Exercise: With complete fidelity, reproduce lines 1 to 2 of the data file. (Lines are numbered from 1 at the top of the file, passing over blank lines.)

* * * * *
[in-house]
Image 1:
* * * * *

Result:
[in-house]
Image 1: